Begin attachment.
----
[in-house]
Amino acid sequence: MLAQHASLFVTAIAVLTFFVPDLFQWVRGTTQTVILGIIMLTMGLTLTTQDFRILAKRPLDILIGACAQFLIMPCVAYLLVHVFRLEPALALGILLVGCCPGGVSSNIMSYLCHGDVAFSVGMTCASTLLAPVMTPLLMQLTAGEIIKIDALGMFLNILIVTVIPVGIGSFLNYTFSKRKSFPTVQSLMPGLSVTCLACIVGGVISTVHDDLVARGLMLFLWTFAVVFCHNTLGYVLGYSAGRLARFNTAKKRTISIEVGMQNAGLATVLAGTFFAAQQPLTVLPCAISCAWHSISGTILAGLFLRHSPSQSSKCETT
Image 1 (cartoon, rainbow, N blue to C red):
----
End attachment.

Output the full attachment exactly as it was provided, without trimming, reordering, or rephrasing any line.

[in-house]
Amino acid sequence: MLAQHASLFVTAIAVLTFFVPDLFQWVRGTTQTVILGIIMLTMGLTLTTQDFRILAKRPLDILIGACAQFLIMPCVAYLLVHVFRLEPALALGILLVGCCPGGVSSNIMSYLCHGDVAFSVGMTCASTLLAPVMTPLLMQLTAGEIIKIDALGMFLNILIVTVIPVGIGSFLNYTFSKRKSFPTVQSLMPGLSVTCLACIVGGVISTVHDDLVARGLMLFLWTFAVVFCHNTLGYVLGYSAGRLARFNTAKKRTISIEVGMQNAGLATVLAGTFFAAQQPLTVLPCAISCAWHSISGTILAGLFLRHSPSQSSKCETT
Image 1 (cartoon, rainbow, N blue to C red):